I started out writing exclusively comic books, because that was where I got my break, but I gradually branched out from there into other forms of writing – novels and short stories, then screenwriting, radio, console games… The last two don’t appear on my resume because I didn’t get on with them all that well.

I always write in genre. My comfort zone stretches from horror through dark fantasy into science fiction. Even when I write comedy, which is very occasionally, there’s always a fantasy element. I have no interest whatsoever in writing what has come to be called literary fiction.

DJ: What is The Book of Koli about?

M.R.: It’s a post-apocalyptic narrative, set a few centuries in the future. Our current world-spanning civilisation has fallen apart for many different reasons. There was resource depletion, which caused resource wars. There was a catastrophic decline in biodiversity. The climate broke down, in spite of our best efforts – and throwing science at the problem mostly made things worse. In trying to make plant species hardier and more resilient, we’ve created forests of killer trees that trap and feed on anything that moves.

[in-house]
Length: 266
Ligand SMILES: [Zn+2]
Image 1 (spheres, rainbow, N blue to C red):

As a result of all these crises, the human population has spectacularly declined. The survivors live in small, isolated communities – so small that they’re probably not even genetically viable in the longer term. The level of technology has gone back to something close to a medieval level – except for a few precious pieces of tech salvaged from the old times. The people who wield this tech are known as Ramparts, and the protagonist of the book, Koli Woodsmith, desperately wants to become one. But it’s very much a case of “be careful what you wish for…” Continue reading

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Author Interview: Adrian J. Walker

Today I am interviewing Adrian J. Walker, author of the new science-fiction novel, The Human Son. 

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DJ: Hi Adrian! Thanks for agreeing to do this interview! 

For readers who aren’t familiar with you, could you tell us a little about yourself?

Adrian J. Walker: Hi, DJ, thanks for having me! I’m a writer of speculative fiction, British, mid-forties, married with two kids, a dog and two cats. We’ve moved about quite a bit – London, Edinburgh, France, Houston – but we’ve settled in a beautiful part of Aberdeenshire, Scotland. The Human Son is my seventh book, and people might know me from my second, The End of the World Running Club.

I also sometimes work writing software, and I love running, forests, hills and guitars.